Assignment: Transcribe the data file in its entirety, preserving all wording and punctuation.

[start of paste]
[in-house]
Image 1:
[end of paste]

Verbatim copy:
[in-house]
Image 1: